This computer screenshot of a 48-unit apartment building recently constructed by the John Flatley Company in Merrimack, N.H., is similar to one of the seven buildings proposed for a 56.7 acre lot in Saco off Lincoln and Bradley streets. Courtesy Image

SACO — The Planning Board has rejected a Master Planned Development application by the John Flatley Company, which has proposed a 336-unit apartment complex on a 56.7-acre parcel between Lincoln and Bradley streets in Saco.

The project failed to meet the standards on two criteria. The votes came after a lengthy meeting on March 2, where Planning Board members discussed several aspects of the application.

The board voted 6 to 1 with Joyce Leary Clark dissenting, that the Master Planned Development did not meet the criteria set forth in zoning requirement H3 for such developments. That criteria states that the master plan “assures that the treatment of areas adjacent to existing public streets creates an attractive urban streetscape that is compatible with the pattern of the adjacent neighborhood and results in the transition of the development into the adjacent neighborhood, taking into consideration the scale and massing of any buildings or structures in this area, the orientation of buildings to the street if they are located within 100 feet of the street, the location of parking, vehicular drives, and service areas, including limitations on parking between buildings and existing streets, and any proposed improvements within the street right-of-way.”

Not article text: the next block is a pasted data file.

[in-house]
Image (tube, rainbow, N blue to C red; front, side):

As well, the Planning Board voted that the master plan did not demonstrate that the street system could accommodate the traffic generated by the development or that improvements could be reasonably made to accommodate the traffic.

The board voted unanimously to deny the Master Planned Development application.

It is unclear as of the deadline for the print edition of the Biddeford-Saco- OOB Courier what the next steps may be. Neither Saco City Planner Bob Hamblen nor John Flatley Company engineer Kevin Walker, who has been heavily involved with the project, responded to emails asking whether a rejection could result in a new application, an appeal, or some other step.

The project calls for 7, 48-unit apartment building in the MU4 zone, which includes Master Plan Developments, on the 56.7-acre parcel owned by the Lucia Kimball Deering Trust. Neighbors have said the project is too large, the buildings too big and number of vehicles such a development would generate would further congest traffic, among other issues. Company officials addressing the Planning Board noted that the Master Planned Development, which precedes a site plan application review, could be approved with conditions.

At a January online neighborhood meeting, company officials said the development would add an estimated $754,800 annually in tax revenue to the city; $84,672 in vehicle excise tax revenue and $480,000 in city building permit fees, along with unspecified amounts in fees for impacts to police, fire and sewer departments. The project would generate about 150 construction jobs and 10 permanent jobs, company officials said.

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